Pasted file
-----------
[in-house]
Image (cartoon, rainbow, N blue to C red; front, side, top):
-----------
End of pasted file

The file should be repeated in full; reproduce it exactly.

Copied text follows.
[in-house]
Image (cartoon, rainbow, N blue to C red; front, side, top):